Depends on whether it's cracked, corroded, or just the gasket is leaking. The thermostat housing needs to be replaced or resealed.
We don't get involved with costs here because there's too many variables, but in this case I would guess a used part, if you pick it up yourself from a salvage yard, might run ten or fifteen bucks, and it should take about a half hour to replace it and address whatever caused the failure.
Be aware that mechanics and shop owners don't like customers providing their own parts. When the shop orders the part, they add on a small markup, just like any other store, but that profit goes to cover their costs if that part proves to be defective. If you provide the part and there's something wrong with it, or it's the wrong part, the job of getting it replaced falls on you. This is similar to bringing your own food to a restaurant and asking them to cook it for you. No one complains when food costs more in a restaurant than in a grocery store, but it's different with car parts.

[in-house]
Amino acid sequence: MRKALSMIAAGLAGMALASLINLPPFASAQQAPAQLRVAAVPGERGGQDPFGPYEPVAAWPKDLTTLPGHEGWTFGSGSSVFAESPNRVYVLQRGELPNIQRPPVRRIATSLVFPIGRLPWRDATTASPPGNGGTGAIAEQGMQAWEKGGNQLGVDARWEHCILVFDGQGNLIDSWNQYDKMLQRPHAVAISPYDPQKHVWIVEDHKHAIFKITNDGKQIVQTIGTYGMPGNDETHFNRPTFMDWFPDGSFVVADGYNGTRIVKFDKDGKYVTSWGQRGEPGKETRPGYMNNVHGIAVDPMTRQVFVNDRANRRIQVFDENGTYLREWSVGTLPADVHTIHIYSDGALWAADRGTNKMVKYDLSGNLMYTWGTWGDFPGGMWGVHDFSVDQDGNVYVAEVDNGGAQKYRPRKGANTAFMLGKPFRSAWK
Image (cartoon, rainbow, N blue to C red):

If you want a new part from the dealer, someone at your repair shop will order it and have it delivered. The part won't cost you any more than if you bought it yourself, but in this case if the mechanic accidentally cracks it, it is up to the shop to pay for the replacement.
Tuesday, March 10th, 2015 AT 7:47 PM